The 2010 death of pensioner Michael Faherty was Ireland’s first recorded case of spontaneous combustion.iStock

The mysterious 2010 death of an elderly man in Ireland has been named among the strangest deaths worldwide of the last 10 years.

Michael Faherty, a 76-year-old pensioner in Co. Galway, was found in his living room, burnt to a crisp. There was an open fire in the fireplace next to him, but the fire seemed to have been contained, and in addition to Faherty, the scorched areas included the floor directly below him and the ceiling above him.

Forensics showed that the fire in the fireplace was not the same as the kind that burned Faherty, and that no accelerant had been used. No foul play was suspected.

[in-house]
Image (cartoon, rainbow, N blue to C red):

At the hearing in September 2011, the medical examiner, Dr. Ciaran McLoughlin, said, "This fire was thoroughly investigated and I’m left with the conclusion that this fits into the category of spontaneous human combustion, for which there is no adequate explanation.” He added that he had never encountered such a case in his 25 years on the job.

Spontaneous human combustion, in which a living person catches fire without any external source of fire, has long been a matter of debate. The strange phenomenon is mentioned in the Bible, as well as in works of writers such as Charles Dickens, Mark Twain and Herman Melville.

There have been more than 200 reported cases in the past 300 years.

A list of the world’s strangest deaths in the past 10 years was recently compiled by the womens’ news and entertainment site Bustle. Faherty’s death ranked at number three out of six. Among the others were cases of death by lava lamp and a weapon-toting chicken.

Do you believe spontaneous combustion is possible? Share your thoughts in the comment section, below.

* Originally published in October 2015.